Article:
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The State Of Enterprise Software In 2013
November 28, 2013
Writing about enterprise software in late 2013 is a difficult task. It’s difficult for a variety of reasons. First and possibly most importantly is what constitutes enterprise software has never been more vague.
In the simplest terms, enterprise software is any software application used in a business regardless of size. But for many, it’s a term that represents the applications used to run some of the largest businesses. Yet with an ever-expanding universe of data and devices, getting a holistic view of an enterprise’s IT, is a daunting task. Asking for a clear definition of what enterprise software is? Now that’s an even bigger challenge.
So what is enterprise software? Some will have you believe it’s on premise, its software installed on a server and hosted in data centre. It is something private, something you install, you administer, and most likely hate to use.
Interestingly, things are starting to change. Looking at the majority of new “enterprise” focused start-ups over the last few years and you’ll start to notice a trend. The Cloud is obvious, but so is componentization and good design. Back in the day, say 10 years ago, all that was required for an enterprise app was a basic interface. Many of these apps (they weren’t called apps) used featureless, default UI/UX provided by Microsoft’s Visual Basic, or worse. Today there is an expectation of a good user experience with frameworks likeTwitter’s Bootstrap used almost ubiquitously among new web based consumer and enterprise applications.
Nowhere was this more obvious then at Amazon Web Services’ recent reinvent conference in Las Vegas. During the event I had the opportunity to meet with a broad group of start-ups pitching the latest “Enterprise cloud software.” Although there was nothing I would describe as ground breaking, there was certainly a high level of graphic design and user experience engineered into the latest crop of up-starts. I was generally more surprised when a product looked bad than when it looked good. Of all the trends, good design was front and centre.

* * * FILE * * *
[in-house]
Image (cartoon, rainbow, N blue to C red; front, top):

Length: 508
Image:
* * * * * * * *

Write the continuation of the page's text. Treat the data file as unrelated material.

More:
In terms of good design, a few companies in particular caught my eye. Jump Cloud which essentially is attempting to take a fairly un-sexy aspect of enterprise software, that of server management and apply an easy to use and visually appealing dashboard. Another company, DataDoghas taken a similar visual approach applied to the enterprise-monitoring sector using a very stylish interface.
Besides the fact these companies are providing software as hosted services, another thing these enterprise focused software companies share is an accessible, consumer oriented approach. It seems that in the new enterprise software landscape complicated no longer means hard to use. Moreover, no longer is there a clear line between what is or isn’t enterprise software. Some call it the consumerization of the enterprise, a growing tendency for new information technology to emerge first in the consumer market and then spread into business and government organizations.
Design and stylistic treatments aside, another trend is the use of component architectures where business functions, processes, organizations, supplier relationships and technology are seen as building blocks that can be reconfigured as needed to address a near real-time competitive landscape? Jonathan, Chief Technology Officer at Warner Music Group calls this a ‘Lego Brick’ approach to designing and implementing enterprise IT processes and the organizations that support them. In a popular blog post he outlines his rationale saying. “A new Component Architecture Model (CAM ) approach to IT infrastructure, applications and services will be required to ensure that IT can deliver what the business needs. The time between identifying a business need and delivering the required IT solution needs to become hours and days rather than months and years.”
Murray believes that most companies would consider the Composable Enterprise approach to enterprise software radical today. “And yet it’s difficult to imagine how more static approaches to business operations will survive in an increasingly dynamic and competitive global economy.”
So modern enterprises doesn’t only need to look good, be easy to use, it must “seamlessly aligned to enable fast, flexible response to a rapidly changing competitive landscapes.” Says Murray.
So what does enterprise software look like in 2013? Good design, computability and the ability to quickly adapt seem to be key components.
This article first appeared on Forbes.com and was written by Reuven Cohen of Citrix
Reuven Cohen leads Citrix’s (NASDAQ: CTXS) world wide advocacy efforts with a particular focus on increasing the volume, reach and influence of Citrix’s extensive portfolio of cloud solutions used by more than 260,000 customers and 100 million end users across the globe.